West: TAG Complaint and Proposed High School Redesign Create Perfect Storm

The parent complaint to DPI over MMSD’s failure to comply with WI laws on Talented and Gifted education have combined with administration’s recent proposal to create more consistency across the four major high schools, to create a perfect storm of controversy at Madison West. Within the past 24 hours, allegations that the proposal eliminates all electives have spawned a number of calls and e-mails to the Board of Education, a FB page (Walk-out Against MMSD School Reform) promoting a student walk out on Friday, and a YouTube video http://www.youtube.com/watch?v=-Zgjee-GmGI created to protest the elimination of electives.
As a board member, I have a somewhat different take largely because I know that allegations that the proposal to standardize core high school curriculum is not a product of the DPI complaint. Anyone who has watched MMSD operate, would probably agree that nothing is put together that quickly (the complaint is less than a month old), especially when it involves a proposal.
I also just received the proposal a day or so ago. In full disclosure, I did not take advantage of the briefings conducted for board members who met with the superintendent and assistant superintendent individually or in pairs. I’m a certifiable pain in the neck and thought that any presentations should be made to the board as a whole in an open board or committee meeting, but that is just my issue.) I am just beginning to read and think through what is being proposed, so have no firm opinion yet.
More at http://lucymathiak.blogspot.com/2010/10/west-two-issues-in-perfect-storm.html

Unsayable Truths About a Failing High School

Kay Hymowitz: Last week, my high school alma mater in the prosperous Montgomery County suburbs of Philadelphia went viral. A video of a student brawl injuring four security officers and eight teachers appeared on YouTube, bolstering long-whispered rumors of the district’s decline. Four students were taken into custody; one of them, 18 and charged as […]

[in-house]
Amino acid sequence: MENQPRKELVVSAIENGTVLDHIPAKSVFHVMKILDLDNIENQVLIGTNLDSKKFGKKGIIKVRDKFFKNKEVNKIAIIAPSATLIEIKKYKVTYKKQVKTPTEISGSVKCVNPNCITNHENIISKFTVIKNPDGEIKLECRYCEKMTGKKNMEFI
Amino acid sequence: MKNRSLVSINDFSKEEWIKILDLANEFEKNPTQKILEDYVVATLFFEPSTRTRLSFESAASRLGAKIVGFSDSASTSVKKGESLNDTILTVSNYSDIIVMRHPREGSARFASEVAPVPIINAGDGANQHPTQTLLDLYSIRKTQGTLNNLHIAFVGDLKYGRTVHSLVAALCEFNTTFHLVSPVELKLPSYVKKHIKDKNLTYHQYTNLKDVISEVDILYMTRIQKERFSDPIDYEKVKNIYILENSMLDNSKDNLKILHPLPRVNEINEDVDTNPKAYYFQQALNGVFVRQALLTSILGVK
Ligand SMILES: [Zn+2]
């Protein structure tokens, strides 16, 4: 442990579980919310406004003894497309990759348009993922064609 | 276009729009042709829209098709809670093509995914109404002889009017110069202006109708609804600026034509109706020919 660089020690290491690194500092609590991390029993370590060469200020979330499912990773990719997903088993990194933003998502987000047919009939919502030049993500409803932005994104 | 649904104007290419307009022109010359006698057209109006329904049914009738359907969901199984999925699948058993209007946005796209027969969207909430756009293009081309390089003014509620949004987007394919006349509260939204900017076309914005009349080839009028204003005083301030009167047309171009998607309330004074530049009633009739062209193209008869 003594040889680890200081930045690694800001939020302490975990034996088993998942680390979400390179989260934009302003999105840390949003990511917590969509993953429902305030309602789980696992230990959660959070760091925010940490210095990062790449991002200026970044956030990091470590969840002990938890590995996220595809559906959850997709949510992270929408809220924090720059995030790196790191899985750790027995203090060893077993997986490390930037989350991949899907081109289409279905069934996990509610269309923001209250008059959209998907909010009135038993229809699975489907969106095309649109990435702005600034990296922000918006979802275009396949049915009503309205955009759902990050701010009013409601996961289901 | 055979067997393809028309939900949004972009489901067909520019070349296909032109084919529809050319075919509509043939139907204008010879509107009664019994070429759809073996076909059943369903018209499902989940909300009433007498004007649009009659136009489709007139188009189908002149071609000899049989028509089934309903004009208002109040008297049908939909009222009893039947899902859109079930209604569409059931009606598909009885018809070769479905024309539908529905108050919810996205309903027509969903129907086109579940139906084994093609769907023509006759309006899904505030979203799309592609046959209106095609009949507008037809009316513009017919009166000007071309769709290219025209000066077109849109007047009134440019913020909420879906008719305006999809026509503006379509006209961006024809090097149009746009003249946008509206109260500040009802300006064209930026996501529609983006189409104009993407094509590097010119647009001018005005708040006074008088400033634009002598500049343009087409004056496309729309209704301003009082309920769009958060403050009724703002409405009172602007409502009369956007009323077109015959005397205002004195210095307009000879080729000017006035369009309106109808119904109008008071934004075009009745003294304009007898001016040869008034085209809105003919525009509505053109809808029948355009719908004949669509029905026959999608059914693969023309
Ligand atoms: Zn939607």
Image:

Madison School District’s advanced learner program is still a work in progress

Amber Walker: Though the Madison Metropolitan School District revised its advanced learner program in recent years, some schools are still struggling to provide tailored classroom instruction for qualified students. The district defines advanced learners as students who demonstrate, or have the potential to demonstrate, high performance in one or more areas. MMSD contracted with the […]

Deja Vu: Madison School District Agreement with the US ED Office of Civil Rights

Last October, Madison Superintendent Jen Cheatham signed a resolution agreement with the U.S. Department of Education’s Office for Civil Rights regarding OCR’s compliance review of access to advanced coursework by Hispanic and African-American students in the District. The resolution agreement was presented at the December 5, 2016 Instruction Workgroup meeting (agenda item 6.1): http://www.boarddocs.com/wi/mmsd/Board.nsf/goto?open&id=AFL2QH731563 The […]

Gifted, Talented and Seperated, Deja Vu

Al Baker:

IT is just a metal door with three windows, the kind meant to keep the clamor of an elementary school hallway from piercing a classroom’s quiet. Other than paint the color of bubble gum, it is unremarkable.
But the pink door on Room 311 at Public School 163 on the Upper West Side represents a barrier belied by its friendly hue. On one side are 21 fourth graders labeled gifted and talented by New York City’s school system. They are coursing through public school careers stamped accelerated.
And they are mostly white.
On the other side, sometimes sitting for reading lessons on the floor of the hallway, are those in the school’s vast majority: They are enrolled in general or special education programs.